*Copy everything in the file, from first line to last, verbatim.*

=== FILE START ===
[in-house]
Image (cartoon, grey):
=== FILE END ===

[in-house]
Image (cartoon, grey):